A Human Disaster Near the World's Largest Dam

Hundreds are missing after a tourist boat sank on the Yangtze River in China.


Rainy weather and low visibility disrupted Tuesday’s efforts to rescue hundreds of passengers from a four-story ship that capsized overnight on China’s Yangtze River. The Eastern Star was carrying over 450 passengers, the majority of whom were elderly tourists, when what Reuters described as a “freak tornado” struck the vessel.

As of Tuesday evening local time, a small number of both survivors and bodies had been located; however, The New York Times reported that rescue divers are searching for people who may be trapped in the hull of the ship with limited access to air. The paper also noted that Chinese Premier Li Keqiang had visited the site, “an indication of how seriously the ruling Communist Party regarded the accident.” The captain and the chief engineer have been detained.


The ship was traveling on a 930-mile route from Nanjing, a city in eastern China, to Chongqing in the southwestern part of the country.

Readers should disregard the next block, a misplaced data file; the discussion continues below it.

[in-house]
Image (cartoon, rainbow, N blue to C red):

Along the way, the ship was due to pass the Three Gorges Dam, the world’s largest dam, which the BBC described as “a place of pilgrimage in its own right and a powerful symbol of China's rising economic might, attracting about two million visitors a year.”

In addition to being a token of Chinese ascension, the $24-billon dam has also been a symbol of the costs of China’s ambition.

The creation of the dam, which generates eight times the power of the Hoover Dam, displaced more than a million people and brought environmental problems like landslides and water pollution. In 2008, Scientific American noted that building “a massive hydropower dam in an area that is heavily populated, home to threatened animal and plant species, and crossed by geologic fault lines is a recipe for disaster.”

It also helped make the area a magnet for tourism, introducing the possibility of a different kind of disaster. As divers continued their search on Tuesday, the dam’s operators were instructed to reduce the flow of water in order to ease the rescue efforts.